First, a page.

You may have misread the title as the old *correlation does not imply causation* mantra, but the opposite is also true! If you don’t believe me, read on…

Continue reading “Causation doesn’t imply Correlation *either*“

# Month: June 2019

## Causation doesn’t imply Correlation

## Understanding AdaBoost – or how to turn Weakness into Strength

Many of you might have heard of the concept “Wisdom of the Crowd”: when many people independently guess some quantity, e.g. the number of marbles in a jar glass, the average of their guesses is often pretty accurate – even though many of the guesses are totally off.

The same principle is at work in so-called *ensemble methods*, like *bagging* and *boosting*. If you want to know more about boosting and how to turn pseudocode of a scientific paper into valid R code read on…

Continue reading “Understanding AdaBoost – or how to turn Weakness into Strength”

## From Coin Tosses to p-Hacking: Make Statistics Significant Again!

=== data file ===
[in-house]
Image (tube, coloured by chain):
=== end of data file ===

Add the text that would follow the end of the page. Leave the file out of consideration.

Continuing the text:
One of the most notoriously difficult subjects in statistics is the concept of *statistical tests*. We will explain the ideas behind it step by step to give you some intuition on how to use (and misuse) it, so read on…

Continue reading “From Coin Tosses to p-Hacking: Make Statistics Significant Again!”

## Learning R: Permutations and Combinations with base R

The area of *combinatorics*, the art of systematic counting, is dreaded territory for many people, so let us bring some light into the matter: in this post we will explain the difference between *permutations* and *combinations*, with and without *repetitions*, will calculate the number of possibilities and present efficient R code to enumerate all of them, so read on…

Continue reading “Learning R: Permutations and Combinations with base R”